Statesthatofferinstatetuitiontoundocumentedimmigrants on Education Data Initiative

College Revenues & Operating Costs

The education industry is a multi-billion-dollar market, with cumulative revenues exceeding $415 billion.

  • The average postsecondary institution’s annual revenue is $216,917,478.
  • Most postsecondary revenue (19.3%) comes from tuition and fees.
  • 18.4% of revenue comes from State appropriations.
  • 13.2% comes from sales and services from hospitals.
  • Federal grants and contracts provide 7.6% of institutional revenue.
  • Nonoperating federal grants account for 6.4% of revenue.
  • Annual operating expenses average $212,174,389 or 97.8% of revenue.
  • Instruction accounts for most operating costs (27.8%).
  • Additional major operating costs include hospital services (13.5%), research (9.6%), institutional support (9.1%), and “other expenses and deductions” (9.2%).[1]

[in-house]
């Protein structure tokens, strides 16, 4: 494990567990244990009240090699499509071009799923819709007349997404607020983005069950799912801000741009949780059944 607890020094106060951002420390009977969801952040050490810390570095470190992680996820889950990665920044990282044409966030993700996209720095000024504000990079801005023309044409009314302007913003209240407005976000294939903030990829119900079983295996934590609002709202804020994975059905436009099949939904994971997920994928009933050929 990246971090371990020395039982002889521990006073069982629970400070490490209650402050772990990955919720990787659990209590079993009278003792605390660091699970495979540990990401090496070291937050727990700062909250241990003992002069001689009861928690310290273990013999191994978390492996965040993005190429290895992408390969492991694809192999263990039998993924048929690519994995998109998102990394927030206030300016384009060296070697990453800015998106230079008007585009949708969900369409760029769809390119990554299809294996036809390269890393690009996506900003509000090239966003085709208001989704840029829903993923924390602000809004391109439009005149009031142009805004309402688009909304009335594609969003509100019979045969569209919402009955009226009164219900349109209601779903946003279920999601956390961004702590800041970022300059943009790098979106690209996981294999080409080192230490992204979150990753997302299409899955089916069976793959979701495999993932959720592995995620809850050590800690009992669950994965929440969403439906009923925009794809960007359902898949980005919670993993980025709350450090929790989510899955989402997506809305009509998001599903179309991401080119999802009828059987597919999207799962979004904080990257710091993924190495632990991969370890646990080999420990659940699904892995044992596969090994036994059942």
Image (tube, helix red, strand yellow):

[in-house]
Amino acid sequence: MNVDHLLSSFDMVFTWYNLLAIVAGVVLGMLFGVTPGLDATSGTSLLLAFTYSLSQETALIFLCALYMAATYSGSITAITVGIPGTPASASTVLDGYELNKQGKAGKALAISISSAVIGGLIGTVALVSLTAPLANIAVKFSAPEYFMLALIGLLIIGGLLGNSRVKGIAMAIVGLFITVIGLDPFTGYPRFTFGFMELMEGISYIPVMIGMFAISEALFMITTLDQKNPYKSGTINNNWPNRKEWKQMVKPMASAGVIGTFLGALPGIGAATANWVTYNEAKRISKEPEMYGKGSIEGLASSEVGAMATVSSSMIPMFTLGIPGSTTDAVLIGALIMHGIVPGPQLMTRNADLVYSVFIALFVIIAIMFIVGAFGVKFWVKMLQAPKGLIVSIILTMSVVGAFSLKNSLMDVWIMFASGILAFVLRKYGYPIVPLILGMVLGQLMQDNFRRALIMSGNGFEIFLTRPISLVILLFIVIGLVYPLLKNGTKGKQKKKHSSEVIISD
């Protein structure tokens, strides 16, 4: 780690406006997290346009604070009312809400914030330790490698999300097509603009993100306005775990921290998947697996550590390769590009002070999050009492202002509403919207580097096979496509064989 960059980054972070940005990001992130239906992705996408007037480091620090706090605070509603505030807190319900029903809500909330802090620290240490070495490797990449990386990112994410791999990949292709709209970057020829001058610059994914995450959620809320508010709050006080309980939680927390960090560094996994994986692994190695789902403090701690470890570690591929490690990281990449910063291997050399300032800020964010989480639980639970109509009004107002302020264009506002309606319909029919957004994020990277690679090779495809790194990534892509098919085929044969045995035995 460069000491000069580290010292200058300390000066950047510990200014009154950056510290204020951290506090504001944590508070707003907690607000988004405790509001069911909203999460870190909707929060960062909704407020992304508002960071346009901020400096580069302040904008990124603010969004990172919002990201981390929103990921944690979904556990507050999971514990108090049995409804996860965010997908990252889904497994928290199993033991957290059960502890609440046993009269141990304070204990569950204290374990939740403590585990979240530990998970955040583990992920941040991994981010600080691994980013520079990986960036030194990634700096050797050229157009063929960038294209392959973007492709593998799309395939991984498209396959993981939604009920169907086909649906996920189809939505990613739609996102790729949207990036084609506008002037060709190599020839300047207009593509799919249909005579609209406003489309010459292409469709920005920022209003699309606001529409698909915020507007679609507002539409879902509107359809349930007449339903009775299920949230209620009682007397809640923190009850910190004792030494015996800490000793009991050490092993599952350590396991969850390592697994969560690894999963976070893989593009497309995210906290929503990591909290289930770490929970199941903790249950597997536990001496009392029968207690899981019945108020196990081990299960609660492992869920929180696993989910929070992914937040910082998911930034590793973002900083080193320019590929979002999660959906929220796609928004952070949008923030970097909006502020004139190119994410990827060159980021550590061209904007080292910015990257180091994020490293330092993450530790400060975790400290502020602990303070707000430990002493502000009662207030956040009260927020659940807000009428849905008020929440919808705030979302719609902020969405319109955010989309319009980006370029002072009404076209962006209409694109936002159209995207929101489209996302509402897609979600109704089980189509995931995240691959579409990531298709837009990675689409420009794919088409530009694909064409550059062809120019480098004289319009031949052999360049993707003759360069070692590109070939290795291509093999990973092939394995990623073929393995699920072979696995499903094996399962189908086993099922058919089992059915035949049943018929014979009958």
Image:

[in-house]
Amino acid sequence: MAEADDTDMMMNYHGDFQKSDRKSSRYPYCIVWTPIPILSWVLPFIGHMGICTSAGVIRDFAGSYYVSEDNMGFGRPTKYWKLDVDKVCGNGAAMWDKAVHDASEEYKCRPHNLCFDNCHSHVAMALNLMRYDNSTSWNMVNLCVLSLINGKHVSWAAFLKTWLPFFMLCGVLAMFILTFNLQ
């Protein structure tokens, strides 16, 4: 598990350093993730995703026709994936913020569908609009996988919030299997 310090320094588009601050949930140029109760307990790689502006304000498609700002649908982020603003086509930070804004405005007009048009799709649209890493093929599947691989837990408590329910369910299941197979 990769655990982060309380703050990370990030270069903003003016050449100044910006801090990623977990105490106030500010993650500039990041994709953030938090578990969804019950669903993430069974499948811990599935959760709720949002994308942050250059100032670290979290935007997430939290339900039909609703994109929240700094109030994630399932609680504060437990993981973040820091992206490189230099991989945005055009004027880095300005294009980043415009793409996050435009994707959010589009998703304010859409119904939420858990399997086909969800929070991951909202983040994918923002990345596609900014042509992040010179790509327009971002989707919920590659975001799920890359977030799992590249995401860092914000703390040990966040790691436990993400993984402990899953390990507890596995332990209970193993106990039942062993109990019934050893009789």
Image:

For more on education spending, see our report on U.S. Public Education Spending.


  1. NCES, Integrated Postsecondary Education Data System (IPEDS)
  2. SchoolMoney.Org, “College Tuition:  Where Does the Money Go?”
  3. U.S. Department of Education’s College Affordability and Transparency Center
  4. Southern Regional Education Board, “Academic Common Market.”
  5. National Conference of State Legislatures, “Undocumented Student Tuition: Overview.”
  6. Parent Toolkit, “Public vs. Private Colleges.”
  7. Federal Student Aid, “Federal Pell Grants.”
  8. National Center for Education Statistics (NCES), Digest of Education Statistics.
  9. The Future of Statewide College Promise Programs
  10. Tuition and State Appropriations
  11. Federal and State Funding of Higher Education
  12. Many Colleges Miscalculate Off-Campus Housing Costs
  13. Does Federal Student Aid Raise Tuition? New Evidence on For-Profit Colleges
  14. Education at a Glance 2018: OECD Indicators
  15. Federal Student Aid, “FSEOG Grant.”
  16. The Hechinger Report, “Are Too Few College Students Asking for Federal Aid?”
  17. Bureau of Labor Statistics, Measuring the Value of Education
  18. Federal Paycheck Calculator
  19. University of California – Berkeley, Student Budgets (Cost of Attendance)
  20. Stanford University, Community Housing: Housing Types and Costs